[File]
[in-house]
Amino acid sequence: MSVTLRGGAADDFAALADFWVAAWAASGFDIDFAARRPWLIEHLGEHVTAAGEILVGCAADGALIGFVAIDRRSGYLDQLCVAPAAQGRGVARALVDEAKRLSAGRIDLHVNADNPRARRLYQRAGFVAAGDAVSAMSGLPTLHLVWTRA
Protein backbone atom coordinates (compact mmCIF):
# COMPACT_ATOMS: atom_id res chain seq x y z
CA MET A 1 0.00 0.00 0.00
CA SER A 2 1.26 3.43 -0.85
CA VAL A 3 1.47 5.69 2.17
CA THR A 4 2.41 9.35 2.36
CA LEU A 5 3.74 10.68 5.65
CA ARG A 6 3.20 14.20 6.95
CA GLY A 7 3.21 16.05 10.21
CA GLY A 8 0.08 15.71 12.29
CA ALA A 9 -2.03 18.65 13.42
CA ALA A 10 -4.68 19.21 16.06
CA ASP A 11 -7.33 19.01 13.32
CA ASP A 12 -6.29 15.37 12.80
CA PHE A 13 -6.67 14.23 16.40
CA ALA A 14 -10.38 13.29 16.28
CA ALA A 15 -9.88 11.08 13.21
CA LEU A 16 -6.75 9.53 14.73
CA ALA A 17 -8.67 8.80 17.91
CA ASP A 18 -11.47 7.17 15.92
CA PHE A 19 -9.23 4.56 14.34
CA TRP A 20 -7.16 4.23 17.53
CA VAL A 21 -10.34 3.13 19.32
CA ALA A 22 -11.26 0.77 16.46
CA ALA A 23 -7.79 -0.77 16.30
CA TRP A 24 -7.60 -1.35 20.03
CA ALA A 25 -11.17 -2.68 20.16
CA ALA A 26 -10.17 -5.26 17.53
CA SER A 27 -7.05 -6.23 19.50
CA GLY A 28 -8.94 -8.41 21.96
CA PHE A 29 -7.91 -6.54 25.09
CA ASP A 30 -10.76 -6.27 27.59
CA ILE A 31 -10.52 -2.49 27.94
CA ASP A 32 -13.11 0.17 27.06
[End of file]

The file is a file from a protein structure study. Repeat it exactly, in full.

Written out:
[in-house]
Amino acid sequence: MSVTLRGGAADDFAALADFWVAAWAASGFDIDFAARRPWLIEHLGEHVTAAGEILVGCAADGALIGFVAIDRRSGYLDQLCVAPAAQGRGVARALVDEAKRLSAGRIDLHVNADNPRARRLYQRAGFVAAGDAVSAMSGLPTLHLVWTRA
Protein backbone atom coordinates (compact mmCIF):
# COMPACT_ATOMS: atom_id res chain seq x y z
CA MET A 1 0.00 0.00 0.00
CA SER A 2 1.26 3.43 -0.85
CA VAL A 3 1.47 5.69 2.17
CA THR A 4 2.41 9.35 2.36
CA LEU A 5 3.74 10.68 5.65
CA ARG A 6 3.20 14.20 6.95
CA GLY A 7 3.21 16.05 10.21
CA GLY A 8 0.08 15.71 12.29
CA ALA A 9 -2.03 18.65 13.42
CA ALA A 10 -4.68 19.21 16.06
CA ASP A 11 -7.33 19.01 13.32
CA ASP A 12 -6.29 15.37 12.80
CA PHE A 13 -6.67 14.23 16.40
CA ALA A 14 -10.38 13.29 16.28
CA ALA A 15 -9.88 11.08 13.21
CA LEU A 16 -6.75 9.53 14.73
CA ALA A 17 -8.67 8.80 17.91
CA ASP A 18 -11.47 7.17 15.92
CA PHE A 19 -9.23 4.56 14.34
CA TRP A 20 -7.16 4.23 17.53
CA VAL A 21 -10.34 3.13 19.32
CA ALA A 22 -11.26 0.77 16.46
CA ALA A 23 -7.79 -0.77 16.30
CA TRP A 24 -7.60 -1.35 20.03
CA ALA A 25 -11.17 -2.68 20.16
CA ALA A 26 -10.17 -5.26 17.53
CA SER A 27 -7.05 -6.23 19.50
CA GLY A 28 -8.94 -8.41 21.96
CA PHE A 29 -7.91 -6.54 25.09
CA ASP A 30 -10.76 -6.27 27.59
CA ILE A 31 -10.52 -2.49 27.94
CA ASP A 32 -13.11 0.17 27.06